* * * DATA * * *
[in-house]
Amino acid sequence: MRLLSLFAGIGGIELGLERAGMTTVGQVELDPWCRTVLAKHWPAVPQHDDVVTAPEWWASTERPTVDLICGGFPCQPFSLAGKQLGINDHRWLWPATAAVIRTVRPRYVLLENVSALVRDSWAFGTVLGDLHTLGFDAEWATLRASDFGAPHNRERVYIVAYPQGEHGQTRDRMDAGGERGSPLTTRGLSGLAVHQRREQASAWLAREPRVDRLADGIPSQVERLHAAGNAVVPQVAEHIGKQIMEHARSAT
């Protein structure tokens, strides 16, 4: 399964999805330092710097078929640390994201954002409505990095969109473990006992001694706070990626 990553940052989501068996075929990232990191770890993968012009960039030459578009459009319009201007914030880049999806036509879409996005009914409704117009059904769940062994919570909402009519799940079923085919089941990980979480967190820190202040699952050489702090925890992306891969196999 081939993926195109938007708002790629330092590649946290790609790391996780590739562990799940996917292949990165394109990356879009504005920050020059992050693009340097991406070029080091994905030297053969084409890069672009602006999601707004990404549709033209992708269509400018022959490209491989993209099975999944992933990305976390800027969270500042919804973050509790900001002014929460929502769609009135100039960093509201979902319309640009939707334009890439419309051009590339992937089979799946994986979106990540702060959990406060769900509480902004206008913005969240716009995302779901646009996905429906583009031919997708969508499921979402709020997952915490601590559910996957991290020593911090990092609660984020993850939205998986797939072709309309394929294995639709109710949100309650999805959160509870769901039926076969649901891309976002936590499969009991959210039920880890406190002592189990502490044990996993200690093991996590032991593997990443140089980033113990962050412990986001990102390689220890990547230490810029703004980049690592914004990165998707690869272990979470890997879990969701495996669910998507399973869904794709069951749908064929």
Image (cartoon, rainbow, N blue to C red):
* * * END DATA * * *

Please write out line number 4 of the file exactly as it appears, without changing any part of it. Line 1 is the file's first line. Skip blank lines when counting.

Image (cartoon, rainbow, N blue to C red):